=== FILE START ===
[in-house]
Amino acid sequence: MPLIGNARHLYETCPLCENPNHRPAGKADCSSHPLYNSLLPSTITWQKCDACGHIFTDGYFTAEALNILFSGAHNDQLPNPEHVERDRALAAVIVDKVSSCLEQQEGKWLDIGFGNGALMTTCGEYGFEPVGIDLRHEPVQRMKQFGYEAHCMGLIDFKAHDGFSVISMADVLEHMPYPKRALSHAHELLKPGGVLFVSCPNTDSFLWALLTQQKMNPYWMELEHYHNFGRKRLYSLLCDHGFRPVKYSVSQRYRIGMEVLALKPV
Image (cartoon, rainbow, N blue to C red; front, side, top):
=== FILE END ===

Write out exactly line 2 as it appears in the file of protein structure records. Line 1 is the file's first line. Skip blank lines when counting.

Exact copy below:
Amino acid sequence: MPLIGNARHLYETCPLCENPNHRPAGKADCSSHPLYNSLLPSTITWQKCDACGHIFTDGYFTAEALNILFSGAHNDQLPNPEHVERDRALAAVIVDKVSSCLEQQEGKWLDIGFGNGALMTTCGEYGFEPVGIDLRHEPVQRMKQFGYEAHCMGLIDFKAHDGFSVISMADVLEHMPYPKRALSHAHELLKPGGVLFVSCPNTDSFLWALLTQQKMNPYWMELEHYHNFGRKRLYSLLCDHGFRPVKYSVSQRYRIGMEVLALKPV